Continue reading “BSG backs UCATT blacklisting campaign”

Blacklist Support Group House of Commons meeting

House of Commons meeting

6pm Tues 6 October 2009
House of Commons

 Speakers include:
* John McDonnell MP
*
Prof. Keith Ewing (author of Ruined Lives: Institute of Employment Rights report on blacklisting)
* David Clancy invited (Head of Information Commissioners Office Investigation team)
* Sean Curran (solicitor taking data protection cases)
* Blacklisted building workers  

 blacklistSG@googlemail.com       www.hazards.org/blacklistblog

Blacklist Support Group

Blacklist protest at O’Rourke site

Building workers who claim they are being denied jobs because of an illegal blacklist have protested outside a £350m shopping development. The men believe their union activities are being used against them by firms involved in the Rock Triangle project in Bury, Greater Manchester, trade paper Contract Journal reports. They were among 3,213 workers named on an illegal database which was exposed in court last month.

 Laing O’Rourke, main contractor at the site, has denied the claims. Following the 27 August protest, a spokesperson told the BBC: “We do not discriminate against any individuals for any reason in their employment and that is the clear policy across all our business units.”  See BBC video clip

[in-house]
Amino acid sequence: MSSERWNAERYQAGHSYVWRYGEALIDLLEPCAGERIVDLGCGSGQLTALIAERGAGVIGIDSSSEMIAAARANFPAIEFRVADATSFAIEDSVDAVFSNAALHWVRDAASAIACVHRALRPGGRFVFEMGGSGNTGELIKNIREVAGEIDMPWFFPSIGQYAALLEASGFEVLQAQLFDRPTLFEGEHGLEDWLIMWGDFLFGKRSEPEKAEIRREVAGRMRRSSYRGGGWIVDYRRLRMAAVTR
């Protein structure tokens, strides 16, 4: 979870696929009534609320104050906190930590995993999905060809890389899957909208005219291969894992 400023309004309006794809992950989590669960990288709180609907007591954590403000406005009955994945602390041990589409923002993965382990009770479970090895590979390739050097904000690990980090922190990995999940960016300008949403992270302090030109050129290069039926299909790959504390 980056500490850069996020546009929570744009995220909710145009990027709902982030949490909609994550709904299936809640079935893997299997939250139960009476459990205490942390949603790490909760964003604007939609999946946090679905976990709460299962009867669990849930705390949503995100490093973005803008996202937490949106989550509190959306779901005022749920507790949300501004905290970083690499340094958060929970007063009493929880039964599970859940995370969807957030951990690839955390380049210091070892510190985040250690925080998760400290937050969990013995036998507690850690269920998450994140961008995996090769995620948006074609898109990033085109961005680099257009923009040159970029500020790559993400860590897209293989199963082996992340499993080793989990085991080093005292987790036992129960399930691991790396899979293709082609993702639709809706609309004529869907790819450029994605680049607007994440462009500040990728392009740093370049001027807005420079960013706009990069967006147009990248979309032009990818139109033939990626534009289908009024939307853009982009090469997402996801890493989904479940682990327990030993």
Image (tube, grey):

Continue reading “Blacklist protest at O’Rourke site”

Blacklisted workers demand ‘strongest legislation’

from the Blacklist Support Group:

The Blacklist Support Group (a network of building workers blacklisted in the Consulting Association scandal) has filed a submission to the consultation process for the proposed new Blacklisting Regulations.

 The full consultation closes on Tues 18th August (it is being fast-tracked, as the Regulations have been “on the books” since 1999 but were never turned into law by the Secretary of State because of intense business lobbying during a 2003 consultation process).

 John McDonnell MP (who has been championing the cause of the blacklisted construction workers in parliament) said:   

 “Only the strongest legislation will be able to protect workers from the scandal of blacklisting. That is why we are calling on the government for tough action.”
Continue reading “Blacklisted workers demand ‘strongest legislation’”

All fired up

When a private investigator was fined £5,000 for running an illegal  blacklist of over 3,000 construction workers, the real villains escaped  justice. The construction industry’s major names had bankrolled and directed The Consulting Association, which in turn told them to steer clear of union activists – particularly those like Dave Smith who had made a stand on safety.

Dave Smith believes construction sites should be safe. He’s been fired several times and has faced years of hardship for saying so. Dave is one of the 3,213 construction workers the Information Commissioner disclosed in March 2009 were listed on an illegal blacklisting database.

 He knows he was listed for safety reasons. That’s made crystal clear in the 36-page dossier bearing his name seized by the Information Commissioner in a February 2009 raid on blacklisting outfit The Consulting Association.